Fright Night returns: Miners Foundry continues Halloween tradition with music, costumes and more | TheUnion.com
YOUR AD HERE »

Fright Night returns: Miners Foundry continues Halloween tradition with music, costumes and more

Hollie Grimaldi Flores
Special to Prospector

If it’s Halloween, then it must be Fright Night at The Miners Foundry Cultural Center in Nevada City. A tradition that dates back more than 40 years, Fright Night is an opportunity for revelers to show off their costumes, listen and dance to great music and mingle with friends while celebrating what was originally a pagan ritual. This year, Fright Night will take place Sunday, Oct. 31, beginning at 8 p.m., featuring three bands, including local favorites, the Cherry Rats.

The Miners Foundry Executive Director Gretchen Bond said the bands promise to be high energy and incredibly fun. “Cherry Rats played this summer and I loved them, ” said Bond. “Th Losin Streaks also played at the Foundry this summer, so we are bringing back some bands who we really enjoyed, who played during the crazy time of inside/outside — so we chose them based on that.”

Th Losin Streaks are self-described as “garage punks” from Sacramento who have recorded albums and toured throughout the United States and Europe and have opened for The Zombies, among others. Bond said, “The crowd really, really loves Th Losin Streaks. They are super fun. They dress in costumes anyway, so they are already ready! I think people will really like them.”



Cherry Rats are Nevada City friends who came together “on a mission to be the loudest, craziest, and most flamboyant hard rock outfit ever to emerge from the Sierra Foothills.” Bond said they are really good and nice to work with. “That is really important to us,” she said. Cherry Rats sold out an outdoor show in the summer and will bring a lot of energy to the evening.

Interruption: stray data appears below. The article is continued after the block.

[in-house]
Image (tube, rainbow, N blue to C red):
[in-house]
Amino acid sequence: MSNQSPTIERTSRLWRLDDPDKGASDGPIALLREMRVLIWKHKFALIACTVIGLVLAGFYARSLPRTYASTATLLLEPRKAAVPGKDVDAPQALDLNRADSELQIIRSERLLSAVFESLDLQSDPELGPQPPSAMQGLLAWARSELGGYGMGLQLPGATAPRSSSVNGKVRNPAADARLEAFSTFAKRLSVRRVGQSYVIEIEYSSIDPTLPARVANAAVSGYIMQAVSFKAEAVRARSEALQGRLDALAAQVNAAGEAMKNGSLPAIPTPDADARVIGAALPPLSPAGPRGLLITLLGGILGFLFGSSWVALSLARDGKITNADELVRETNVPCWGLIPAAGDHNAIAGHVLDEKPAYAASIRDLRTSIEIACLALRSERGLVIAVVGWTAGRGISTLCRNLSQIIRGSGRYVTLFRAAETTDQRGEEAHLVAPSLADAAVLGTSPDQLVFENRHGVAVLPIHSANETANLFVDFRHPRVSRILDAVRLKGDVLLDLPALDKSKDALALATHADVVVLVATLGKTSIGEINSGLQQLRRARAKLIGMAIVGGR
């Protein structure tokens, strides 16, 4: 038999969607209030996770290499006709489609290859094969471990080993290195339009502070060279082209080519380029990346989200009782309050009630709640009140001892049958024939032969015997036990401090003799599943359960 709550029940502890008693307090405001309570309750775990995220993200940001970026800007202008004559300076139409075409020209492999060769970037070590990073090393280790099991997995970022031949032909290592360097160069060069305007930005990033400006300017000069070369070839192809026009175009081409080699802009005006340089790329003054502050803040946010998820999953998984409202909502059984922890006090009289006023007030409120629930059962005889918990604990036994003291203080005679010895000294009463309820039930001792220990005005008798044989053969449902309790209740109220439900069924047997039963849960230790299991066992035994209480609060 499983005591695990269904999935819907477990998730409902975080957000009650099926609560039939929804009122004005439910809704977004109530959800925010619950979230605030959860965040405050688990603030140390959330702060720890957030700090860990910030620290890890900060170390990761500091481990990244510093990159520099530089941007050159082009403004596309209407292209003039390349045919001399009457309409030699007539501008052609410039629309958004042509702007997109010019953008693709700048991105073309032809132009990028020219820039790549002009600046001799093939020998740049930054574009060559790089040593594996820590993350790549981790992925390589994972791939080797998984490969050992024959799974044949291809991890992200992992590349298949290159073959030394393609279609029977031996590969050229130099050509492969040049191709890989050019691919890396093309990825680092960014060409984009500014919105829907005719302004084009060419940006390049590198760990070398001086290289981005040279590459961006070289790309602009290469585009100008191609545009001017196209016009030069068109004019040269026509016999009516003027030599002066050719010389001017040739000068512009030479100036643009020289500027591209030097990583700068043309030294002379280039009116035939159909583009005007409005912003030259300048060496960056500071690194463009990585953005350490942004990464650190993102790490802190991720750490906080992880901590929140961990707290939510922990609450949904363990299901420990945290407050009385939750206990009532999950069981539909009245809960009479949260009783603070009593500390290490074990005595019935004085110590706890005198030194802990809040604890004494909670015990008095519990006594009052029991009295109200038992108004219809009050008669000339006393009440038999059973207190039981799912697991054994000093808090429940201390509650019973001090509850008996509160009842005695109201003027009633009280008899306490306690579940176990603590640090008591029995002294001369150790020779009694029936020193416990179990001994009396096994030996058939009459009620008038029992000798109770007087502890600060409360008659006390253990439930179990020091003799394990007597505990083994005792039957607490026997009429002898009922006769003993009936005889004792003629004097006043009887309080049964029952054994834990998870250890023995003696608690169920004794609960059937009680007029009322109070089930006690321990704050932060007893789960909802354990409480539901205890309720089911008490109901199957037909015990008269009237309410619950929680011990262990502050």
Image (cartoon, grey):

Kate X Grace will open the night with her own high energy rock vibe.



Bond said the tradition of Fright Night began when KVMR broadcast from the facility. “Sometime in the 80s, it was originally a KVMR production, and it was one of their signature events. For a short time, Foothill Theatre Company produced it and then the Foundry took it over in the late 80s or early 90s.”

While there isn’t a particular theme from year to year, the event is known for the variety of music presented and it has become part of the celebration for locals who enjoy the holiday.

“Nevada City is such a Halloween town,” Bond said. “It’s fun to watch people go from venue to venue. They can come here and leave and come back later. It’s always such a fun night.”

It’s a good year to be a mummy or a doctor, as the county requires masks to be worn at all times (unless actively eating or drinking) while indoors. Though they have held them in the past, there will not be a costume contest at this year’s Fright Night.

According to Bond, people really plan their costumes. “They come in the most amazing costumes. I think it’s an opportunity for a lot of people to get super creative. That is an incredibly fun aspect, from my perspective!” She mentioned one memorable year when someone came as the worm inside a tequila bottle.

The Miners Foundry has a long and storied history in Nevada City. The community events venue has worked hard throughout the pandemic to follow protocols and best practices to ensure the safety of staff, volunteers and patrons alike. Throughout the last year and a half full of ever-changing regulations, the leadership has worked to stay in compliance while still meeting the needs of those who book and perform at the historic facility.

“Everyday it gets better and better,” said Bond. “It’s been nice to have some consistency. I think the decision that we made as a group of arts organizations to require vaccination or proof of vaccination has been a relief. I think people will get used to it in a short manner of time and we’ll be able to change it when we can. Overall, we are doing a lot better. I don’t want to say it’s business as usual, because it’s not, but I do want to say it’s been a lot better.”